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dude

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  1. I think you miss the point. Housebuilding starts by growing the construction industry. That means jobs. Jobs mean more money available to spend in the economy, and that itself leads to more economic activity (ultimate to growth). But more than that, large-scale housebuilding leads to a real fall in house prices. This not only makes houses more available to many more people, but it also takes out a lot of money that is currently stored in bricks and mortar, and gets that circulating in the economy as well -- a double benefit. So building houses is clearly the way out of this mess. Why won't it happen? Simple -- politics. Look, I've worked hard all my life, and I don't (quite frankly) honestly care if you can't get a house, because you are not going to build on my view. You are not going to take 100 hectares of my land and spoil my view. Go and build somewhere else (and take your bloody windfarms with you). Also if I let you build more houses the value of my nest egg will drop -- do you think I want that? Hey, I'm one of the oldies, and I go out and vote. I won't be voting for any two-bit political party that decides to stimulate the economy using this silly idea; I'll vote for the other lot. I know you are young and don't vote, and so don't believe in the political system because you never get anything out of it. Smashing. You won't have *any* influence in government, and so my nest egg is safe, and you can sit in your rented BLT flat (which is, incidentally, funding my pension). So sod off with your silly ideas about housebuilding, and leave me in peace to enjoy the lovely view (look! there's a little squirrel).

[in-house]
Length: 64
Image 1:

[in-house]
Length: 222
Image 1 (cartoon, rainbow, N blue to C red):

2. I'm afraid voting UKIP won't help. The EU has been one of the biggest drags preventing our economy and society becoming even more American and right-wing. Just think of all the social legislation (the Social Chapter, for instance and all that consumer protection) that would have not been in force now if it wasn't for the EU. We've had a Tory government (in one way or another) for the last 30 years, and look what's happened. All your money is being siphoned off to a minority of people (think of the City of London for what it really is -- an offshore tax haven). We have been convinced that by paying for the common good we are wasting our money, so if we privatise it, it will be more effectively spent. Hey, guess what, you now pay for everything that was once given free; you pay to park *everywhere* now; you pay far more than you should to go on a train (it's subsidised, FFS, but they still make a profit -- out of YOU!); you have high rents because they sold off all the social housing and never replaced it -- social housing helped to keep rents low. And still millions think they are better off because they have more money in their pockets. I find it amazing how so many people have been conned. The AV referendum wasn't perfect, but it was an opportunity to change things. However the Tories got behind No and scuppered the Yes campaign (Conservative Home: The story of the AV campaign). That many on the Labour side helped this is a disgrace, but it just goes to show that turkeys don't vote for Christmas. Both Labour and Tory are right-wing parties, and of those that bother to vote more than 30% DON'T vote for them. That it was AV and not PR shows how well the Tories conned the Lib Dems. But that there was an opportunity to change things should have been taken with both hands. the next constitutional thing they are talking about is the House of Lords. They are saying there should be a referendum to make that an elected house (well 80% of it). Now folks, if you believe in democracy, GET OFF YOUR ARSES AND VOTE FOR CHANGE. If you don't, because what's the point, or there are more important things to complain about, then you deserve everything you get. We need an economy based on real things -- we need to make new technology devices, and we need to be competing in software and the IT revolution. We don't need to be looking at freeing up capital controls between countries and developing more and more ingenious ways to 'make money' from money. That is the fool's direction -- and one we have been going in since the 1960s when we agreed to look after Russia's US dollars. Until this country wakes up to the fact that the few are stealing off the many to give to the few, and that we need to go back to owning much more as a nation (Nationalisation, remember that?) we will be in deep dodo. They say 25% of people will probably live in a freezing house this winter because they can't afford the high energy prices. Well Nationalise the utility companies and subsidise the unit cost of electricity and gas by taking more from the rich to do this. LVT anyone? OK, rant over.